iPhone 6 vs. iPhone 6 Plus

September 08, 2015

TL;DR: 6 Plus

First things first, I love the iPhone 6 Plus. I love it more than you do. I adore it. I’ve had it since the first day it was available and have used it 10+ hours every day since then. I work from it. A lot. It’s my favorite.

All of that said, a few months ago I was really itching to give the non-Plus 6 a shot, despite its inferior rear camera. Its size appealed to me for a number of reasons, and I just thought it looked and felt nice. So, I went out and bought one, used it for a few days and then…switched back to the 6 Plus. But, after a couple of days I went back to the 6. There definitely were moments when I had convinced myself that I’d keep the non-Plus and sell the Plus, but ultimately I decided that, on balance, the Plus is a better fit for me.

I realize some of you are looking for me to tell you which way to go, full stop, but I just can’t. They’re both great devices and at the end of the day you just have to figure out which fits your use-cases the best.

For me, battery is a huge deal, because I literally use the device all day long. I’ve been able to go 10 straight hours with the Plus, just reading RSS, responding to email, Twitter, Pocket, messaging, etc.—“normal” use. The non-Plus can’t get anywhere near that number; while its battery isn’t bad, I’ve just been spoiled by the 6 Plus. It’s hard to explain the peace of mind I get from the Plus’ battery; I just know it’ll be available when I need it. I do the vast majority of my job these days from my iPhone, and so a bigger battery really is useful to me.

I also prefer how the hit targets of the keyboard on the 6 Plus are quite a bit larger due to the keys themselves being, well, larger. Because of this I can type much faster and with fewer errors on the 6 Plus. Again, for someone who uses this device as much as I do (and for a lot of mission-critical stuff), all of these efficiency gains really do start to add up.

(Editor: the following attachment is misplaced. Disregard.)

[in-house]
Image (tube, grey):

Another potential differentiator is the PPI of the devices. While the added PPI of the 6 Plus is noticeable (the contrast ratio is also higher on the 6 Plus), it’s just not a game-changing feature for me anymore given that once you get above 300PPI at these short distances the distinction starts to fall away. That said, the better screen of the 6 Plus definitely jumps out at you after you’ve been looking at only a 6 for a couple of days.

Obviously, the biggest selling point of the 6 vis-a-vis the 6 Plus is its smaller size. I found the dimensions and weight of the 6 to be nearly perfect for prolonged sessions (though those sessions are a bit shorter than those with the 6 Plus). It just feels great in hand—solid, sleek, modern. The 6 Plus can wear out my “cradling” pinky after holding it for just a little while; I often find myself changing my holding position because my hand is starting to ache or cramp. (To that end I bought a PopSocket, which I can’t believe I like, but I do. Yes, it’s ugly. Yes, it makes me self-conscious in public. Yes, I hate what it does to this svelte beauty. BUT, it works, and works really, really well.)

One final plus for the Plus is that it made me comfortable not owning an iPad. I got rid of my iPad the day I bought the 6 Plus; I just couldn’t justify having both, and well, I’m kind of militant about consolidating when I can. With the 6 though I often found myself thinking about the iPad and even ended up researching them a bit.

At the end of the day, the better battery on the 6 Plus is what really kept it in my hands. Even though I generally preferred the size of the 6, especially for prolonged use, there was just no getting around the fact that the 6 Plus is a workhorse.

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